The second conclusion from the current study is that translocation of EndoG to nuclei during apoptosis is specific for myofiber nuclei. We found that nuclear colocalization of EndoG in myofiber nuclei, but not in interstitial cell nuclei, increased with time after disuse up to 2 days and then declined even though apoptosis in interstitial cell nuclei was elevated after 2 days of disuse, and it has been shown previously that atrophy induces interstitial cell loss (49, 54). Since we did not investigate mitochondrial-free cytosolic fractions, the actual release of EndoG from mitochondria into the cytosol in relation to time after suspension could not be determined, but the timing of nuclear colocalization of EndoG was measured. EndoG is a mitochondrial nuclease that is thought to be involved in mitochondrial DNA replication (13), is released from mitochondria in response to proapoptotic signals, and localizes to nuclei, inducing DNA fragmentation (50, 76). In neurons, nuclear translocation of EndoG and subsequent DNA fragmentation in response to an ischemic insult occurred early and without an increase in total EndoG protein (47), consistent with results reported here in muscle. More importantly, we show here that EndoG colocalization with nuclei is coincident with DNA fragmentation, strongly suggesting that myofiber nuclear apoptosis is mediated through EndoG. Studies in other cell types have indicated that EndoG-induced DNA fragmentation and subsequent apoptosis are independent of caspases (32, 40, 60). Indeed, we show that caspase-3, -7 and -12 are not activated early after hindlimb suspension, indicating that myofiber nuclear apoptosis likely occurs independent of these caspases. Caspase-3 has previously been shown to be elevated during muscle atrophy after 14 days of denervation (66); however, no change after 14 days of hindlimb suspension was noted (67), indicating that the atrophy-inducing stimulus, the time point after onset of disuse, or the different cell types undergoing apoptosis may be important in the activation of distinct apoptotic pathways. Therefore, we investigated whether activated caspase-3 was associated with interstitial cell apoptosis. Indeed, activated caspase-3 was strongly observed in interstitial cells, while very weak activated caspase-3 was seen in myofibers, indicating that apoptosis in mononucleated cells in muscle may follow the more classical caspase-dependent pathway. Results from the current study corroborate our previous observation that EndoG nuclear colocalization was elevated after hindlimb suspension (49) and support our hypothesis that EndoG is involved in myofiber nuclear apoptosis in skeletal muscle.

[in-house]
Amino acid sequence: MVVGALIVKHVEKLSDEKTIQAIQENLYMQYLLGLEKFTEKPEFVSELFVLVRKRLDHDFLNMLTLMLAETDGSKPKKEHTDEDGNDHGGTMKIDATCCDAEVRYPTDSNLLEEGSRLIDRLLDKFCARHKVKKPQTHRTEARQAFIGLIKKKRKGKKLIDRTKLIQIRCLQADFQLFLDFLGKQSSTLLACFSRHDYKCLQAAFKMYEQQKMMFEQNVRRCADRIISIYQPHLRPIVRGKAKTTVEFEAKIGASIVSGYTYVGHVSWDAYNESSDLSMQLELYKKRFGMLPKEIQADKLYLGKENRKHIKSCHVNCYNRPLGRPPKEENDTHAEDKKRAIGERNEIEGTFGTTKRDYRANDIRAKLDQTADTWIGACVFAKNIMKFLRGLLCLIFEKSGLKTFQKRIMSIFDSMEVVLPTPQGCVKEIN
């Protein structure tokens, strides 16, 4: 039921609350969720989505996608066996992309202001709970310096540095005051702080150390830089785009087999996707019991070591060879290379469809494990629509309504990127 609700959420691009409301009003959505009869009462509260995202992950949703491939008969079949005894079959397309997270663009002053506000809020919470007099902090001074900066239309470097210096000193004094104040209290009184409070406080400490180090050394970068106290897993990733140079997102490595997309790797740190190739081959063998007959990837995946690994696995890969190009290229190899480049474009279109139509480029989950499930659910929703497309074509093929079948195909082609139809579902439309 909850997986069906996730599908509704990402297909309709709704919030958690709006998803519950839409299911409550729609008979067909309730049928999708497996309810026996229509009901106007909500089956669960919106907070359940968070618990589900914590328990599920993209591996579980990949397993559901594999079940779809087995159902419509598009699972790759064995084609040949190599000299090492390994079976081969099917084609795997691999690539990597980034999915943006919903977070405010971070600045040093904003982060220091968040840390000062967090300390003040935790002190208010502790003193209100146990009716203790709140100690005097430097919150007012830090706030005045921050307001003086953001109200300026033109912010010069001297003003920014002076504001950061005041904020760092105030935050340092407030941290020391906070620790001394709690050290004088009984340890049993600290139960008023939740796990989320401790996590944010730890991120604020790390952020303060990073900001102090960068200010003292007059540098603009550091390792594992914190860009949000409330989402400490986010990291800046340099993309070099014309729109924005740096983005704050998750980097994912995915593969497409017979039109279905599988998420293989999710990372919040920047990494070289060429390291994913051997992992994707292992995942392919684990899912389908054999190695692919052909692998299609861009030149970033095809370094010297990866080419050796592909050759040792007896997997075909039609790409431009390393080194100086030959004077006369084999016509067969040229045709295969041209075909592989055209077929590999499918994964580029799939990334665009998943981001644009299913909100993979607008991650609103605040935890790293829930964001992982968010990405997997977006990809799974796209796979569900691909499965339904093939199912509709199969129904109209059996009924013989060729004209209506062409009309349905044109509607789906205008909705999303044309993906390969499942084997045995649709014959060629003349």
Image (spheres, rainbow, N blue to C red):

The identity of the interstitial cells undergoing apoptosis during atrophy has not been investigated in detail, but it is known that cell number decreases (53). Hindlimb unloading is associated with changes in the extracellular matrix (11, 12), and specifically in collagen expression (52). Since fibroblasts are responsible for the synthesis of collagen in skeletal muscle (43) and collagen type 1 decreased with atrophy due to hindlimb suspension (52), it is plausible that muscle fibroblasts undergo apoptosis. Moreover, disuse-induced atrophy is associated with decreased capillary-to-fiber density (36, 75) and Fujino et al. (26) reported increased apoptosis in vascular endothelial cells, mainly in anastomoses, after 14 days of hindlimb suspension, possibly accounting for some of the cell loss in capillaries with disuse. Indeed, we also found that interstitial cells undergoing apoptosis were quite often identified as endothelial cells by immunostaining with CD31 antibody, and apoptosis in this cell type may be responsible for the increase in apoptosis starting at the time that muscle atrophy is measurable. In addition, satellite cells, located outside the muscle membrane, have been shown to be more sensitive to apoptosis after disuse induced by denervation (39) and to undergo apoptosis in quail muscle during atrophy after preloading (68). However, we did not observe any satellite cells (Pax-7 positive) that were also TUNEL positive (data not shown), possibly because Pax-7 has been shown to be anti-apoptotic (61) and therefore satellite cells may be somewhat protected from the proapoptotic stimuli during hindlimb suspension. Most other studies have employed biochemical methods to investigate pathways and molecules involved in the apoptotic response to disuse-induced atrophy, and, therefore, in those studies, it is uncertain which cell types are affected. This study is the first to show that the different cell types present in skeletal muscle may use distinct apoptotic pathways.